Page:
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Temperature-sensitive PVA/PNIPAAm semi-IPN hydrogels with enhanced responsive properties.

Abstract

A series of temperature-sensitive hydrogels of semi-interpenetrating polymeric networks (semi-IPN) composed of poly(N-isopropylacrylamide) (PNIPAAm) and poly(vinyl alcohol) (PVA) were prepared by radical polymerization. The PNIPAAm networks were cross-linked by N,N'-methylenebisacrylamide in the presence of linear PVA. The reaction processes were investigated by rheometry using oscillatory deformation tests. It was found that gelations were very fast and the modulus reached equilibrium within about 12.5min. The prepared semi-IPN hydrogels were characterized for their morphologies and thermal behaviors by scanning electron microscopy and differential scanning calorimetry, respectively. The interior network structures of the semi-IPN matrix became more porous with increasing PVA. In comparison to the conventional PNIPAAm gel, the newly reported semi-IPN hydrogels exhibited the same lower critical solution temperature. Their swelling properties, such as temperature dependence of equilibrium swelling ratio, shrinking kinetics and reswelling kinetics in water, were also studied. Experimental data indicated that the shrinking and reswelling rates of the semi-IPN hydrogels were much faster than those of the conventional PNIPAAm hydrogels. With this novel approach, water absorption and response properties could be adjusted by tuning the feed ratio of NIPAAm and PVA. These fast responsive hydrogels exhibited improved temperature sensitivity and swelling properties compared to the conventional PNIPAAm hydrogel, which would be critical and desirable for a gel to find potential applications in biomedical fields, such as drug delivery systems and sensors.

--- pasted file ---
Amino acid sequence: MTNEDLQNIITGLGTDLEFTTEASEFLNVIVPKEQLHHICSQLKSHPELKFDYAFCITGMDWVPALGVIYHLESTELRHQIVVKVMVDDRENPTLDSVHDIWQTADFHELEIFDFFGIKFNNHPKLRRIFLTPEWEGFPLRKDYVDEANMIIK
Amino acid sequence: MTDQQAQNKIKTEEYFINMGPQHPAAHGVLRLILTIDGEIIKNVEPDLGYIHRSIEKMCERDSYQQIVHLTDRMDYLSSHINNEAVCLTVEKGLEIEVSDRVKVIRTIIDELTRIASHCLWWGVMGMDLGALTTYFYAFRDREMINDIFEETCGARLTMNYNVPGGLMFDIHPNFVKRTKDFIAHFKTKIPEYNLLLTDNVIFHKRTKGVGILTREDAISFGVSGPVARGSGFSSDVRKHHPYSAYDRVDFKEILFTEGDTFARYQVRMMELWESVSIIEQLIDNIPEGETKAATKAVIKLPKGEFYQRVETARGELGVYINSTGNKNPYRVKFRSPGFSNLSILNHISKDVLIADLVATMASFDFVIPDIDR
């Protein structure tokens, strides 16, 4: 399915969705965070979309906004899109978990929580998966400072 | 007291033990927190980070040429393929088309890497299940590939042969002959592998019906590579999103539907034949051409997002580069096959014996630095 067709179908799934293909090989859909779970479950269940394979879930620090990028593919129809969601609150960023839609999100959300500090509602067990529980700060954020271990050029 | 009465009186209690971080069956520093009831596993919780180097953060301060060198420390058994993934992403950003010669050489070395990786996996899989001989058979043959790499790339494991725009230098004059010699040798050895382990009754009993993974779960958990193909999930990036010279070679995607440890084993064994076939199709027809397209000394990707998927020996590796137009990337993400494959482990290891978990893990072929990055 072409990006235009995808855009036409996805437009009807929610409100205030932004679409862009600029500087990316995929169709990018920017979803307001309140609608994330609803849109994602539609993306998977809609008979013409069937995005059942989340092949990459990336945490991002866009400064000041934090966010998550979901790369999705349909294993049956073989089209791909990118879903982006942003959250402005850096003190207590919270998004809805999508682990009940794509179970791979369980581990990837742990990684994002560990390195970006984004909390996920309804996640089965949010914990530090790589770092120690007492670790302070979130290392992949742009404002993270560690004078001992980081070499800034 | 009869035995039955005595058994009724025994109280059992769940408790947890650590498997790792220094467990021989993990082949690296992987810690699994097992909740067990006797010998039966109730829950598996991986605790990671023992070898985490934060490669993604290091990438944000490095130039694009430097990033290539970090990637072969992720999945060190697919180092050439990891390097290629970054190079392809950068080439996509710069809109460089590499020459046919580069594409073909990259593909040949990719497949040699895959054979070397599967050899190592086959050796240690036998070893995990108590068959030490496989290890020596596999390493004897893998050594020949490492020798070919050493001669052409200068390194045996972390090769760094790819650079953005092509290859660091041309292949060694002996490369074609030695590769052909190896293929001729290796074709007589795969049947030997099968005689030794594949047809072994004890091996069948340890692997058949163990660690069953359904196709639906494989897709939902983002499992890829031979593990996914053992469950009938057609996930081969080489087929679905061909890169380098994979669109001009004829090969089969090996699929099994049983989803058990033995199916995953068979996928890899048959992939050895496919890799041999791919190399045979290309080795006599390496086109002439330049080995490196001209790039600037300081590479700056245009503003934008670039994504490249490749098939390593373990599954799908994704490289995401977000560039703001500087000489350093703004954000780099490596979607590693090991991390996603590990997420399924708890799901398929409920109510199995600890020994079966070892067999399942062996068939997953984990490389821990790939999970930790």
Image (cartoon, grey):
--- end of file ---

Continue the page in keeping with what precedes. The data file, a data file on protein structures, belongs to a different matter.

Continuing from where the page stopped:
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  • Authors+Show Affiliations

    ,

    Institute of Materials Science and Technology (IMT), Friedrich-Schiller-University Jena, Lödergraben 32, D-07743 Jena, Germany.

    ,

    Source

    Acta biomaterialia 5:1 2009 Jan pg 488-97

    MeSH

    Acrylamides
    Acrylic Resins
    Animals
    Calorimetry, Differential Scanning
    Cell Survival
    Fibroblasts
    Hydrogels
    Kinetics
    Mice
    Microscopy, Electron, Scanning
    Oscillometry
    Polymers
    Polyvinyl Alcohol
    Rheology
    Temperature
    Time Factors

    Pub Type(s)

    Journal Article
    Research Support, Non-U.S. Gov't

    Language

    eng

    PubMed ID

    18656431